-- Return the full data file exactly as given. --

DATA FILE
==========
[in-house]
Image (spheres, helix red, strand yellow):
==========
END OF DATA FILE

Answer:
[in-house]
Image (spheres, helix red, strand yellow):